Outside of hospitals Streptococcus (pneumonia and meningitis), Salmonella (food poisoning) and Neisseria gonorrhoea are reported as having higher and higher episodes of failed treatment – especially in the developed world. Whilst on the subject of STDs – antifungals are also becoming less effective on candidiasis (thrush) and antivirals are starting to lose their effectiveness in the treatment of HIV. So, as a healthy university student in the prime of your life, you may have thought that none of this really affects you – a bit like Ebola. The bad news is that it really could.
So, what can be done about it? To some extent this is a problem of the developed world’s own making. Indiscriminate prescribing of antibiotics is thought to be a major contributory factor. Doctors have seen antibiotics as a panacea for all ills and prescribed them even when there is very little clinical indication to do so. The more the bacteria are exposed to these drugs the more chance they have to figure out ways of overcoming them. We have made it too easy for them to understand our weapons in this fight against infection and we are paying the price for this lax attitude.
So one way to combat the problem is to be much more selective on how antibiotics are prescribed. Giving them only when illnesses are very serious and there is clear evidence that the drugs can be of real benefit. Better prescribing by the medical profession is a high priority in healthcare systems across the world – and is one of the key actions recommended in the WHO report.
Individuals can also play a part by not rushing off to the doctor every time they sneeze. Some old fashioned remedies can be just as effective – and might be worth a try – you don’t want to know what my gran does with yoghurt but apparently it works! Also if you do have to take antibiotics – always finish the course, don’t drink alcohol when you are taking them and never pass any unused tablets onto anyone else. Other actions that might help in the fight against these superbugs include maintaining high standards of personal hygiene – not always high on the student agenda.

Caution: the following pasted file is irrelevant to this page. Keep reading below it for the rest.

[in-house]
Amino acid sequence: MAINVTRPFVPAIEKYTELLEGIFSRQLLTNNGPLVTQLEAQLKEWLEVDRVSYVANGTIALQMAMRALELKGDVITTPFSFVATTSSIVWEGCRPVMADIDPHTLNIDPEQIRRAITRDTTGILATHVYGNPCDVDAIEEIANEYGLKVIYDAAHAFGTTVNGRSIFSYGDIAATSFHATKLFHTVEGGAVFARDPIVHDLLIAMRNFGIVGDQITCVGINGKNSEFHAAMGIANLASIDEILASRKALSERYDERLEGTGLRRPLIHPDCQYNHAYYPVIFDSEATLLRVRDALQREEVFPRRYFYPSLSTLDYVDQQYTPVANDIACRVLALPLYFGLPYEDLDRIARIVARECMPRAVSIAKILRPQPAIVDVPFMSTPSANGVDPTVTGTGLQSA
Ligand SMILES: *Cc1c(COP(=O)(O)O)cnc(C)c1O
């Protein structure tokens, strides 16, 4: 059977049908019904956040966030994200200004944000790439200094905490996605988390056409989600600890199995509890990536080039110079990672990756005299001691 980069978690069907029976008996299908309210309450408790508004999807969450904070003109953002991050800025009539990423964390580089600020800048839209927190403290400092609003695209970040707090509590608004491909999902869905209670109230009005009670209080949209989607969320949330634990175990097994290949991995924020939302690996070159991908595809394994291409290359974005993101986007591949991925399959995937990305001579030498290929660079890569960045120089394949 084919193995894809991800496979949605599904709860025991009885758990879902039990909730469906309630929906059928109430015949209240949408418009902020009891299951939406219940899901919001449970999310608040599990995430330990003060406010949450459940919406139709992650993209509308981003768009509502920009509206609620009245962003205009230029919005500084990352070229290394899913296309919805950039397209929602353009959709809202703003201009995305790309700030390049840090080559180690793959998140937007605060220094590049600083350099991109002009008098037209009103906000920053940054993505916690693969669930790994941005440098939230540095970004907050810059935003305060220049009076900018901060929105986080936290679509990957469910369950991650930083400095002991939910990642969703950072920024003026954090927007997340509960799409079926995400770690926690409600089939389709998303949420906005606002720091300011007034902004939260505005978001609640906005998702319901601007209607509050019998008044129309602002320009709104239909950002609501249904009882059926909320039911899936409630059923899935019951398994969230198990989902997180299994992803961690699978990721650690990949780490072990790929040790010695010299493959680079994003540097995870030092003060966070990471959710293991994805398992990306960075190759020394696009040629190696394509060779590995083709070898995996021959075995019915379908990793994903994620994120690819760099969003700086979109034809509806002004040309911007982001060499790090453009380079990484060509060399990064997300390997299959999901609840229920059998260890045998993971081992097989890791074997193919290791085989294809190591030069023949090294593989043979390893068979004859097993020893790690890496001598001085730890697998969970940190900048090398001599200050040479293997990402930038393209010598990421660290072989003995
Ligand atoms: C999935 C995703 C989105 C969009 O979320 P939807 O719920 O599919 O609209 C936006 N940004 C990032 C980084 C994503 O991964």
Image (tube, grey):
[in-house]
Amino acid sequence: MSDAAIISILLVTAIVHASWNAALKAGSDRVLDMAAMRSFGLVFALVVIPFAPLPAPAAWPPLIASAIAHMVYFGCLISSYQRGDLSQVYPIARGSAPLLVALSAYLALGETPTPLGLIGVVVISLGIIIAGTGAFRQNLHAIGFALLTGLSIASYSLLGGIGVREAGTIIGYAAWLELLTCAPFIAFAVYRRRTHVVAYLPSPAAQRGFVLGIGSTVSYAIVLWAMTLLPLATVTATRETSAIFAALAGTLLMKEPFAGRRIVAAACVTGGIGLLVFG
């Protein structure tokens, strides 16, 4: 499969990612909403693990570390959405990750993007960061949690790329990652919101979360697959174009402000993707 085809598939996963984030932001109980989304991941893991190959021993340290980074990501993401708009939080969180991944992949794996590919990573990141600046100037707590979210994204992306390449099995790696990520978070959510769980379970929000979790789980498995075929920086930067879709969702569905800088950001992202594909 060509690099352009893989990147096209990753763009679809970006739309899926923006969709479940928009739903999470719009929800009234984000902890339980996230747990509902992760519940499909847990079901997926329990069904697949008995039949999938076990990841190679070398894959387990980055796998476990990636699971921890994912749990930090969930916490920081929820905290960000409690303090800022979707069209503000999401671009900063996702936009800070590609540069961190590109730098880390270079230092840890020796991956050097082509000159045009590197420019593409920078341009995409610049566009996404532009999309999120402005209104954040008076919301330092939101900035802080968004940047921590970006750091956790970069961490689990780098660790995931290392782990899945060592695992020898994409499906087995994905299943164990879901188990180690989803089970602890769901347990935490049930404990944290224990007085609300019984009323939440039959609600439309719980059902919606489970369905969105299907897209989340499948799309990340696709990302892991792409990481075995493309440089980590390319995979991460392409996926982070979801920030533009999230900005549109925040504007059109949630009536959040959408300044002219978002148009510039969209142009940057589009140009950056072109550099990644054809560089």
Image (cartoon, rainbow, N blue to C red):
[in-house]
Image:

Dr. Alastair Turnbull, the Medical Director of York NHS Foundation Trust, has labelled drug-resistant bacteria as “an immediate concern”. According to Dr. Turnbull, “Already within the UK many hospitals and patients carry CRE, bacteria that are highly resistant and now almost impossible to eradicate. EU-wide this costs about €1.5 billion annually but the human costs are higher still. Such bacteria are present locally, thankfully until now in small numbers, and we can still treat infections promptly. But time is slipping… and all of us have a responsibility to do something about this – now.”
In your day-to-day life think: cleanliness! Prepare your food hygienically. Keep your intimate areas clean and practice safe sex. It may be a cliché but prevention of illness is a whole lot better than a cure – especially when there may be no cure.